the last few years been manifest in various brilliant discoveries. To show this, it will be sufficient to describe briefly the situation of each observatory, and the work upon which it is at present engaged.
The Observatory of Palermo: Director, M. Cacciatore; Astronomer, M. Tacchini.—This observatory contains two important instruments: a meridian-circle, constructed in 1857 by Pistor and Martins (of Berlin), whose telescope has an aperture of 126 millimetres (4.98 inches), and an equatorial by Merz (of Munich), of 24 centimetres (9.45 inches) aperture, which, though built in 1857 was not mounted until 1865. The meridian-circle was employed in 1870 to determine the difference of longitude between Naples and Palermo, this last point being the fundamental station in the new topographical map of Sicily, and it is daily employed in observations of the sun and the principal stars. The most important work, however, of the observatory of Palermo, which is specially undertaken by M. Tacchini, is the daily study of the solar protuberances.
Since the total solar eclipse of 1868, a great number of astronomers have devoted themselves to the daily observations of these protuberances, in order to study their distribution on the solar circumference, and their relations with solar spots. Among these astronomers are Lockyer, Secchi, Rayet, Respighi, Tacchini, and Young, but it is in Italy that these researches are most vigorously prosecuted, and, in order to avoid the interruptions in a series which cloudy days may occasion, the observatories of Palermo, Rome, and Padua, prosecute these observations in common.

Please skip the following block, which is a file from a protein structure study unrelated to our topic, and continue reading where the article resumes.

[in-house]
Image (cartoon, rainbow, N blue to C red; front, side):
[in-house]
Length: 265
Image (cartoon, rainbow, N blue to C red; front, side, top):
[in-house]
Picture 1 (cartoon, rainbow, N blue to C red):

Every day, when the weather will permit, M. Tacchini makes a drawing of the protuberances surrounding the border of the sun and of the spots and faculæ which are upon its surface. These drawings, as well as those made at Rome and Padua, are subsequently published in the "Memoirs of the Society of Italian Spectroscopists," whose publications, begun in 1872, form already four large quarto volumes.
For this work, M. Tacchini makes use of the large equatorial of the observatory, and a direct-vision spectroscope made by Tauber, of Leipsic, which has two series of five prisms. These prisms are of rare excellence, for, in spite of their number, the spectral lines suffer no distortion. The spectroscope can be rotated on its axis so that it can be placed tangentially on any portion of the sun's circumference. Among the interesting historical instruments of the observatory is the altitude and azimuth circle made by Ramsden in 1788-'89, which served Piazzi in the preparation of his great catalogue of stars.
The Observatory of Naples: Director M. de Gasparis; Astronomers, MM. Fergola, Brioschi, and Nobile.—The observatory of Naples is the most important of those of Italy, in its equipment and its personal establishment.
It was founded in 1812 by Murat, and it is built in agreement with